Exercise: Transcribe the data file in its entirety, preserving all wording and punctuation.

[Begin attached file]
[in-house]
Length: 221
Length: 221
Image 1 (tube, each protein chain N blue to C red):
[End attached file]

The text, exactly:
[in-house]
Length: 221
Length: 221
Image 1 (tube, each protein chain N blue to C red):